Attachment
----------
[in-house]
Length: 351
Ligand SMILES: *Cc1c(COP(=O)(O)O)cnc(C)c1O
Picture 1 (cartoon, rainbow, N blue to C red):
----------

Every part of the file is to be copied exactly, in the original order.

[in-house]
Length: 351
Ligand SMILES: *Cc1c(COP(=O)(O)O)cnc(C)c1O
Picture 1 (cartoon, rainbow, N blue to C red):